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Applied Atomic Collision Physics. Atmospheric Physics and by H.S.W. Massey (Eds.)

By H.S.W. Massey (Eds.)

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These results suggest that under certain conditions in flow drift tube experiments, Teff given by Eq. (28a) is significant in determining the vibrational as well as translational temperature and that the variation of the reaction rate with Teff above 1000 K is due mainly to vibrational excitation. It is not possible to say, however, how general these conclusions are, based as they are on a single reaction only. Further reactions of major importance are those between N 2 and O, N2+ + o ► NO+ + N, ► o+ + N 2 , (35a) (35b) which have been studied experimentally by McFarland et al.

This has major consequences for the structure of the ionosphere. After this we discuss first the processes by which electrons are lost through direct recombination to ions. This is not sufficient for a full understanding of the processes which lead to production of an equilibrium concentration of electrons at F1 region altitude during the day. Ionic reactions, which we next discuss, play a very important role, as we shall see. Applications of atomic collision data to the F x region and later to F 2 are then described.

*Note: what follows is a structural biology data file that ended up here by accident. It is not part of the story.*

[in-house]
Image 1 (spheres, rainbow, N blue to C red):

37) Although it cannot be assumed that all the ions are formed either in the ground state or in the 2 D state, Johnsen and Biondi obtained strong evidence that the production of 0 + ( 2 P ) is negligible. Thus they found that the measured reaction rate was the same whether the ions were produced from (37) or by electron impact at an energy below the threshold for 0 + ( 2 P ) production. The mobilities of the excited ions were also the same with both sources. Furthermore, it was found that when H 2 was added, a strong production of HeH + was observed.

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